Select Page

Tutorial: Large Scale Stencils

Tutorial: Large Scale Stencils

There have been some pretty impressive light painting shots made with stencils.   Recently I had the opportunity to meet up with Gareth Nathan who has done some pretty amazing recent stencil work.  That same weekend finally burst my resistant steel wool bubble as I got a chance to try something a little different in a steel wool shot.  When I got back to Denver I decided that steel wool was enough fun that I wanted to do some more of it.  But as a portrait photographer who also likes to make light painting tools I wanted to put my own unique twist on it.  You’ve already seen the resulting shot, above, and since I had several people ask me about it I thought I’d do a write-up on how it came together.

Mixing Two Realities in a Shot

Stencils are cool that way, letting you shoot exactly the same angle from an unmoved camera for two or more areas of effect within one exposure.  I cut my first few stencils by hand and they worked out okay.  One day I was preparing to cut my most ambitious stencil and Nancy looked at me, partly in shock and with a look of “that’s so inefficient and I can help you do it better”, and asked why I wasn’t using her Silhouette Cameo cutter.  The cutter would make cuts with much more precision, and completely hands-off.  Patterns that would have been an absolute pain to do by hand were suddenly within reach.

The following image shows two of the first few stencils I made with the Cameo.  The stencils are mounted onto transparency paper in order to hold the floating pieces in place.  A nice aspect to cutting stencils this way is that you can take the pieces that you cut out and make a negative-space version of the same stencil!  Two cuts turned into four different stencils!  In this shot all of the stencils are on white paper to show them off.  The white paper can be used when shooting to fill the stencil or can be removed to allow the background, or light to pass through the stencil.

Stencils cut by the Cameo

Setting up the Shot

I got together with Geoff Decker of Hidden Vision Photography and we brought Morgan Brianne to Cabal Gallery.  Mar Williams, one of the founding members of Cabal, was there to greet us.  We set up in the alley adorned with wall art from Cabal artists.

The first step was to get our gear set up; first the camera on a tripod and then the stencil on a second tripod.  Here’s what my camera was seeing at this stage.

Looking through the stencil

Adding Fire

The next step was to test the stencil in order to make sure we were actually going to get what we expected.  Geoff fired up the steel wool, Mar stepped into the shot and we ran a test.  This shot shows the result of Mar’s silhouette combined with the steel wool, through the stencil.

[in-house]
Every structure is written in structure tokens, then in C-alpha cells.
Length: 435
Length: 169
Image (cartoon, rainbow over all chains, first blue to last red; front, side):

Steel wool through the stencil

Putting it all Together

We shot a few with Mar, then a few with Morgan, then a few more with Mar.  The title shot was the second-to-last one we shot after we’d figured out the right choreography.  Here’s how the dance went down:

  • Set up the stencil.  We moved it each shot so this had to repeat.
  • Everyone in position!  Stay still until the shot is over!
  • Light the steel wool, do a couple of rotations to get it going
  • Open the shutter
  • Capture about 8 to 10 rotations.  These are entering the camera through the stencil.
  • Cap the lens
  • Remove the stencil.
  • Add some extra light to the scene and light the model.
  • Leave the shutter open long enough to add the desired amount of ambient light to the parts of the shot the stencil was previously covering.
  • Close the shutter

Give it a go and leave a comment or shoot me a message if you use this technique.  I’d love to see what you create with it!

The final shot

SaveSave

About The Author

Dan Chick

Dan started as a studio art photographer and eventually switched his entire art focus over to light painting. He has a background in applied physics and computer programming and enjoys hockey and motorcycles. He lives in Denver, Colorado, USA but was born in eastern Canada. He created LightMonster, runs Light Painting Lab on Facebook, as well as Denver Light Painting. He is open to reviewing any products you want to send him including expensive prototype cameras :)

Leave a reply

Subscribe

Our Sponsors

Instagram Feed

Something is wrong. Response takes too long or there is JS error. Press Ctrl+Shift+J or Cmd+Shift+J on a Mac.

ARCHIVES

Pin It on Pinterest

Share This